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## Subtractions

cinelli
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### Subtractions

Choose any four digits (not all the same) such as 3, 6, 2, 8 and rearrange them to form the largest and smallest numbers possible, namely 8632 and 2368. Subtract the smaller number from the larger and repeat the process as the new starting point.

`8632   6642   76412368   2466   1467----   ----   ----6264   4176   6174`

In this example the digits 1, 4, 6, 7 occur at the second stage and no new numbers are generated from then on.
Why do you always get 1, 4, 6, 7? What is the longest chain of subtractions you can find before nothing new occurs?

Cinelli

Gengulphus
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### Re: Subtractions

cinelli wrote:Choose any four digits (not all the same) such as 3, 6, 2, 8 and rearrange them to form the largest and smallest numbers possible, namely 8632 and 2368. Subtract the smaller number from the larger and repeat the process as the new starting point.

`8632   6642   76412368   2466   1467----   ----   ----6264   4176   6174`

In this example the digits 1, 4, 6, 7 occur at the second stage and no new numbers are generated from then on.
Why do you always get 1, 4, 6, 7? What is the longest chain of subtractions you can find before nothing new occurs?

Spoiler...

Suppose the four digits are A, B, C, D in increasing order. Then the smallest and largest numbers resulting from rearranging them is ABCD = 1000*A + 100*B + 10*C + D and DCBA = 1000*D + 100*C + 10*B + A, and the result of the subtraction is 999*D + 90*C - 90*B - 999*A = 999*(D-A) + 90*(C-B). Because A, B, C and D are digits, D-A and C-B must be <= 9, and because of the order of the digits, we must have D-A >= C-B >= 0. Furthermore, D-A cannot be 0, since that and the order of the digits would imply that all four digits are the same.

So the answer after one subtraction will always be one of the following:

If D-A = 1: 0999 or 1089, according to whether C-B is 0 or 1
If D-A = 2: 1998, 2088 or 2178, according to whether C-B is 0, 1 or 2
If D-A = 3: 2997, 3087, 3177 or 3267, according to whether C-B is 0, 1, 2 or 3
If D-A = 4: 3996, 4086, 4176, 4266 or 4356, according to whether C-B is 0, 1, 2, 3 or 4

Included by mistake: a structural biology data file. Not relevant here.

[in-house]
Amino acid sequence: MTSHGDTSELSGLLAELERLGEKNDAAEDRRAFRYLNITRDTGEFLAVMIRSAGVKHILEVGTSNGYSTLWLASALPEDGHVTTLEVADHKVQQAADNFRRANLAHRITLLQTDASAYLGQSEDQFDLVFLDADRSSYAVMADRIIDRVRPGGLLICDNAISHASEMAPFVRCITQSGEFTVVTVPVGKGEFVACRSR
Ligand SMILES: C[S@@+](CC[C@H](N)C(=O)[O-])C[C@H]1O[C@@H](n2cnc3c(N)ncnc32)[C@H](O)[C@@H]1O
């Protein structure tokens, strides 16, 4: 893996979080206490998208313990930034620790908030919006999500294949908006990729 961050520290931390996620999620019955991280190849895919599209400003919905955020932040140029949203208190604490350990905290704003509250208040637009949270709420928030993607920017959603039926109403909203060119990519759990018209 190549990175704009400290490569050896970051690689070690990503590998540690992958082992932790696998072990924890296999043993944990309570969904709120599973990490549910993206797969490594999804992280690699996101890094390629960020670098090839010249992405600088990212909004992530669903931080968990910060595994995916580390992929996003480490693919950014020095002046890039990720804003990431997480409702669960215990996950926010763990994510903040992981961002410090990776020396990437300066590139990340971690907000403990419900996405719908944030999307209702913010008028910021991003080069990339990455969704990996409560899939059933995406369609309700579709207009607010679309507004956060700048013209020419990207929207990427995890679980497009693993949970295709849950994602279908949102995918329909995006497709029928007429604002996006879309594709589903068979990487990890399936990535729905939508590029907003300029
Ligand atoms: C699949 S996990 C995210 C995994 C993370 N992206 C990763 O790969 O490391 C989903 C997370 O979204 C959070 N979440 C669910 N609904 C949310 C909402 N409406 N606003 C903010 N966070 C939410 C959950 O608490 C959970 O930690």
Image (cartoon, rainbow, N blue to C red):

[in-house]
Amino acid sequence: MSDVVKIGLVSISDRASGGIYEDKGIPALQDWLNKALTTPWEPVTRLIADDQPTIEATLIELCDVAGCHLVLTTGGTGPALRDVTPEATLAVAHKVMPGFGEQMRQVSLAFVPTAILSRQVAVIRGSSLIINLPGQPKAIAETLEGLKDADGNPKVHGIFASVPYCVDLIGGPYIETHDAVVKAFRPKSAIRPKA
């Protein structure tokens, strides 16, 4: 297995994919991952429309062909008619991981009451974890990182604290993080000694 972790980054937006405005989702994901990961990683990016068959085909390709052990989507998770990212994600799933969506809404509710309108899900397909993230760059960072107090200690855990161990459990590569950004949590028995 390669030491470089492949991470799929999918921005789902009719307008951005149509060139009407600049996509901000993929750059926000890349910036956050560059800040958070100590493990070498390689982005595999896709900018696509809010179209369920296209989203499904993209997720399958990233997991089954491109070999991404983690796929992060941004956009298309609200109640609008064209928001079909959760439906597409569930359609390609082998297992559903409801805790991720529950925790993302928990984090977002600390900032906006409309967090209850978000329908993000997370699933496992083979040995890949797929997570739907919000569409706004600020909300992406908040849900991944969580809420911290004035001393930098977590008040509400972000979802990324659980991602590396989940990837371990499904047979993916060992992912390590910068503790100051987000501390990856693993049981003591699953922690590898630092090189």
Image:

If D-A = 5: 4995, 5085, 5175, 5265, 5355 or 5445, according to whether C-B is 0, 1, 2, 3, 4 or 5
If D-A = 6: 5994, 6084, 6174, 6264, 6354, 6444 or 6534, according to whether C-B is 0, 1, 2, 3, 4, 5 or 6
If D-A = 7: 6993, 7083, 7173, 7263, 7353, 7443, 7533 or 7623, according to whether C-B is 0, 1, 2, 3, 4, 5, 6 or 7
If D-A = 8: 7992, 8082, 8172, 8262, 8352, 8442, 8532, 8622 or 8712, according to whether C-B is 0, 1, 2, 3, 4, 5, 6, 7 or 8
If D-A = 9: 8991, 9081, 9171, 9261, 9351, 9441, 9531, 9621, 9711 or 9801, according to whether C-B is 0, 1, 2, 3, 4, 5, 6, 7, 8 or 9

Those results from the first subtraction produce just the following thirty combinations of digits (each with the digits in ascending order) going into the second subtraction, which produces the results in brackets according to the above rules:

0,1,8,9 (9621)
0,2,8,8 (8532)
0,3,7,8 (8352)
0,4,6,8 (8172)
0,5,5,8 (7992)
0,9,9,9 (8991)
1,1,7,9 (8532)
1,2,6,9 (8352)
1,2,7,8 (7443)
1,3,5,9 (8172)
1,3,7,7 (6354)
1,4,4,9 (7992)
1,4,6,7 (6174)
1,5,5,7 (5994)
1,8,9,9 (8082)
2,2,6,8 (6354)
2,3,5,8 (6174)
2,3,6,7 (5265)
2,4,4,8 (5994)
2,4,6,6 (4176)
2,5,5,6 (3996)
2,7,9,9 (7173)
3,3,5,7 (4176)
3,4,4,7 (3996)
3,4,5,6 (3087)
3,5,5,5 (1998)
3,6,9,9 (6264)
4,4,4,6 (1998)
4,4,5,5 (1089)
4,5,9,9 (5355)

Those results from the second subtraction produce just the following seventeen combinations of digits (each with the digits in ascending order) going into the third subtraction, which produces the results in brackets according to the above rules:

0,1,8,9 (9621)
0,2,8,8 (8532)
0,3,7,8 (8352)
1,2,6,9 (8352)
1,2,7,8 (7443)
1,3,7,7 (6354)
1,4,6,7 (6174)
1,8,9,9 (8082)
2,3,5,8 (6174)
2,4,6,6 (4176)
2,5,5,6 (3996)
2,7,9,9 (7173)
3,4,4,7 (3996)